Train your dog to Sit!

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Training your dog to Sit!

The command Sit! would be one of the first and easiest you want your dog to learn and memorize.

Whenever a dog hears his feeding dish being handled, or his leash being taken from its place it knows what’s going to happen. So the Puppy is very early able to understand the connection food – cup, or walk – leash and anticipate the outcome. This is exactly what we are going to take advantage of.

The moment the Puppy sits down by himself we say “sit”. Repeatingly using the sit! command whenever the Puppy sits down will make your dog connect action and command. As with the cup and leash example the dog will sit down although the command is happening before the action taking place. Of course the Puppy will only sit down if not “disturbed” by something of major importance.

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Dog commands

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The Dog Commands

How do you get your commands across to your apprentice?

Firstly there are your voice and language. It is said that there are people bringing home there Puppy, putting them to their designated spot and wonder why the command “down” is simply ignored. Isn’t that inborn?

Canines barely communicate acoustically. For them body language is equal to the human writing and language. To achieve his degree of master your best friend will only have to learn about 10 commands. Most additional are just a needless wastefulness. You may use terms that comfort you, but using the common commands makes sense for many reasons.

Before your dog does, YOU should have a good grasp of the commands you are going to use. First of all the dogs name (disyllabic, preferably with two different vowels, like Bella, Lassie, Ringo). Then “No”, “Come/Here”, “Sit”, “Stay”, “Down”, “Stand”, “Heel”, “Out/Let Go” “Fetch” and “Track”.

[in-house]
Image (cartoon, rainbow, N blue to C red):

Those words are called commands, and maybe this is the reason why most dog owners use them and act like drill sergeants.

Your best friend has an excellent hearing. As you use your dog to a soft-spoken voice, it will increase its attention, and a strong voice will serve as reserve in an emergency situation.
Of major importance is the way you give the commands. A military short “Sit” will set your dogs teeth on edge. Do we say it softly and expanding the vowel, this will almost calm down your dog.

The same applies to “Down” and “Heel” and we do call the name first, to attract the dog’s attention. Yelling at your dog will only intimidate it and encourage it to get away from you. The “No” should be use with a calm but yet determined and slightly menacing undertone. Your “Come/Here” should sound as alluring as possible, “Fetch” and “Track” simply encouraging. The “Out/Let Go” command should be elongated, and take your time before taking out whatever of your dog’s mouth.

Conversation between you and your dog should of course not be limited to the commands. When praising your dog, there is no way you could overact, and there is no limitation to your fantasy. Let it sound like your friend found a treasure of gold.